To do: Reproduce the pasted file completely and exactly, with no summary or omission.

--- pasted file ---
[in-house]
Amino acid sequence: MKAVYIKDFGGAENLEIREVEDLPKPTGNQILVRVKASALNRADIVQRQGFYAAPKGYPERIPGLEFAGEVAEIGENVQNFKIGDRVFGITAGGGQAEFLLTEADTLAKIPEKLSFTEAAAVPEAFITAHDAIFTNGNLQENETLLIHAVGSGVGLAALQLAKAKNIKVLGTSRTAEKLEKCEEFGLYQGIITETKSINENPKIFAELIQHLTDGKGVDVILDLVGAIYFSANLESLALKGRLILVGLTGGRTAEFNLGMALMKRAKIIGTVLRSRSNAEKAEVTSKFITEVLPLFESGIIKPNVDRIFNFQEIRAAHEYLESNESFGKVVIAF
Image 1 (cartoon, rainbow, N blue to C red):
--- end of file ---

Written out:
[in-house]
Amino acid sequence: MKAVYIKDFGGAENLEIREVEDLPKPTGNQILVRVKASALNRADIVQRQGFYAAPKGYPERIPGLEFAGEVAEIGENVQNFKIGDRVFGITAGGGQAEFLLTEADTLAKIPEKLSFTEAAAVPEAFITAHDAIFTNGNLQENETLLIHAVGSGVGLAALQLAKAKNIKVLGTSRTAEKLEKCEEFGLYQGIITETKSINENPKIFAELIQHLTDGKGVDVILDLVGAIYFSANLESLALKGRLILVGLTGGRTAEFNLGMALMKRAKIIGTVLRSRSNAEKAEVTSKFITEVLPLFESGIIKPNVDRIFNFQEIRAAHEYLESNESFGKVVIAF
Image 1 (cartoon, rainbow, N blue to C red):